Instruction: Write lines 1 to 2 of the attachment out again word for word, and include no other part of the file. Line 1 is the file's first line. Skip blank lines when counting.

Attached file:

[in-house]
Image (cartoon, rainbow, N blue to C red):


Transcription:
[in-house]
Image (cartoon, rainbow, N blue to C red):